What To Say in a Condolence Message

When You Hear the News

Death is one of the most uncomfortable topics to discuss. We try to find the right thing to say. We rush it and try to get it over with. But whatever you do, you cannot ignore sending a condolence message. Good etiquette dictates that you address what has happened. A call, card, flowers, or a visit are gestures you can make to let the family know you're thinking of them. Remember to:

  • Acknowledge the honoree
  • Ask to help with errands or arrangements if you're close to the family

Be a Good Listener

Listening is an art form. At no time is this more important than when a friend or colleague is experiencing grief. Let him or her talk about how they are feeling and let them talk about the person who has died. Don't try to fix it, because you can't.

According to Liz Aleshire, author of 101 Ways You Can Help, the grieving family has an "almost physical need to talk about what happened to her family, to share memories, to rehash the wake and funeral." Every time they speak about their family member, it's one step towards the healing process.

Let them lead the conversation. You can add a comment here and there, in agreement, to keep the conversation going. Don't try to change the subject, or bring up other people's experiences.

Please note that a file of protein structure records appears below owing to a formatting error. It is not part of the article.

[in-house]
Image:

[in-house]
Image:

What (and What Not) to Say

It depends on your closeness to the honoree. If you are an acquaintance or casual friend, you needn't say more than "I'm so sorry" or "He was a wonderful person." Closer friends can be more personal, saying "We're going to miss Josette very much." Do not ask about the details of the death. If a family member does mention their last days, try to comfort them.

Peggy Post, director and spokesperson for The Emily Post® Institute, suggests you call on the grieving family and try not to avoid them. Everyone grieves in their own way and while some may want to be alone for a while, others may need you to be there and listen - take your cues from your friend or family member.

Don't be surprised if you feel tense or anxious before you talk to the grieving family members. It's common (and that's why we're here to help).

Do Say...

Don't Say...

"I'm so sorry about your loss." "I know what you're going through."
Every griever's experience is different. No one can say they know what someone is feeling.
"Let me make you dinner tonight." "Call me if you need anything."
"Please know that I am thinking of you." "Time heals all wounds."
"You'll get over it."
"She was a great person." "She's in a better place now."
"I remember what a great time we
had (insert personal memory of honoree here.)"
"At least he's not suffering anymore."


Remember not to monopolize the mourner's time. They need time to meet with others and time alone.

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Emily Post's Etiquette, 18th Edition
By Peggy Post
Peggy Post